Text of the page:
Tie Break Tens: Kyle Edmund downs Murray and Ferrer to claim $250,000

Kyle Edmund won the inaugural Tie Break Tens at the Royal Albert Hall on Saturday evening and took away more money than he had earned all year

Andy Murray and Kyle Edmund, fresh from taking Great Britain to its first Davis Cup victory in almost 80 years, brought down the curtain on 2015 in an energetic, fun—and very lucrative—new event at the iconic Royal Albert Hall.

In the debut playing of an innovative quick-fire tennis format, Tie Break 10s was the Saturday night highlight of the Champions Tennis tournament that sells out this beautiful arena for five days every December.

Tennis fans young and old have, for years, flocked to the Albert Hall to catch sight of players who once topped this sport: the likes of Stefan Edberg, Bjorn Borg, John McEnroe—and the 56-year-old McEnroe, who won the first playing of the event in London in 1997, is still packing them in.

This time, he was not just playing in the singles and doubles events, but stepped up to share the stage with the ‘young guns’ in the round-robin, winner-takes-all Tie Break 10s. He was quick to downplay his chances though, as always, his sharp tongue as well as his racket was at the ready: “In one sense no one wants to play me and in the other sense everyone wants to play me desperately, because it’s like I’m the sacrificial lamb…

“But at least if there’s a chance with a couple of these old guys that you get a lead early—I’m just thinking the guys like [Tim] Henman and [Xavier] Malisse, those are old guys—if God forbid they lose to me in a match, they’ll never hear the end of it. There’s an upside.”

Those ‘old’ guys were 41 and 35 respectively, though in the six-man field was the current world No7, 33-year-old David Ferrer. Old, in men’s tennis these days, is proving to be a movable feast.

The six men, indeed, ranged from 28-year-old world No2 Murray to veteran seven-time Grand Slam champion McEnroe, from 20-year-old No102 Edmund to six-time Grand Slam semi-finalist Henman. They were drawn into two pools, played two round-robin matches apiece, and the winner in each pool went on to play the second man in the other pool.

McEnroe played up to the crowd, played out his tongue-in-cheek tantrums, played some memory-burnishing leftie volleys and one-handed blinders, but lost both his matches.

Henman lost to Belgian Malisse, whose dry, laid-back humour added much to the proceedings. Asked what got him pumped up in life, he smiled: “I don’t know… I’ll have to ask my pharmacist about that.”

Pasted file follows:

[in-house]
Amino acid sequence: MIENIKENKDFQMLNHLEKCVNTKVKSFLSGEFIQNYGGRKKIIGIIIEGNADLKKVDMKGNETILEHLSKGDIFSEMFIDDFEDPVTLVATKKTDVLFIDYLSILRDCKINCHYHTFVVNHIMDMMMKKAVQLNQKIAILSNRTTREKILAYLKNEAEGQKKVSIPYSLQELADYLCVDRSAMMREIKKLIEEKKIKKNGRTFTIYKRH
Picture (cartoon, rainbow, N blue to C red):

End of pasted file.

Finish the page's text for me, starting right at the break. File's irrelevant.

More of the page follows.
But ‘C’mon Tim’ Henman did enough to set up a much-hoped-for semi against ‘C’mon Andy’ Murray. In the time it took Murray to batter Henman, 10-1, the chants had morphed into ‘C’mon, Henman Hill’ and ‘C’mon Murray Mount’. This was, by now, a well-oiled audience fully into the high jinx of the occasion.

Despite Murray rubbing his face into the dirt, Henman deadpanned to the fans: “I taught him everything he knows!”

Murray turned on the serious face to reply: “He was very good to me when I was young.”

With friends like that, who needs enemies?

But it set up a final between the two men who, not a week ago, were on the same team against Belgium. For young Edmund, who came so close to winning the match of his career when he took a two-sets-to-love lead over world No16 David Goffin in Ghent, this time beat his Belgian, Malisse, with ease.

So Edmund needed to win just 10 points to earn the biggest purse of his life, a cool quarter-million dollars. Not that many in the Albert Hall expected anything other than a Murray win, even Edmund.

Before the event, asked how he felt about being on the other side of the net from Murray, he said: “I’m not looking forward to it, no [smiling]. Obviously I’ve practised with him a lot but I’ve never played a competitive match against him or tie-break, so it will be a new thing for me.”

Now, in the space of an hour or so, he was playing his second match against Murray, having already lost the first tie-break. But after nattering with Ferrer, Henman and Murray as he watched the other tie-breaks, Edmund was much more relaxed, and he pummelled his serve and forehand beyond even the reach of returning maestro Murray. In little more than five minutes, he had upped his career earnings by 60 per cent.

So what would he do with this windfall? ‘Elder statesman’ Murray chipped in: “Invest it!”

In truth, Edmund could do a lot worse than follow the example of his compatriot. After reaching his first Grand Slam at the US Open at the age of 21, Murray would reach the final of the Australian Open four times, the semis on his least favourite surface at Roland Garros three times, and in 2012 make his first Wimbledon final before going on to win Olympic gold. A year later, he had the Wimbledon trophy, too, and after back surgery soon after, worked his way up to a current highest ever year-end ranking of No2 and into the leading role in GB’s Davis Cup victory.

His achievements have been built not just on talent but on a remarkable work-ethic, yet Murray added a third component in his advice to Edmund: “Invest in the good people around you and the rest will take care of itself.”

Edmund was listening: “It’s important to use the money smartly. The best thing is to invest it in my career. If I invest in support and trainers, it’s going to help me on court.”

McEnroe already liked what he saw in the young Briton: “He’s made some great progress. He’s a better athlete than I thought, his backhand was more solid, he’s got a huge forehand, he pops that serve, and he rose to the occasion. He’s got huge upside.”

And rubbing shoulders court-side with a clutch of players who have already been there and done that will send Edmund away to his prize-boosted pre-2016 training with just a little more spring in his step.

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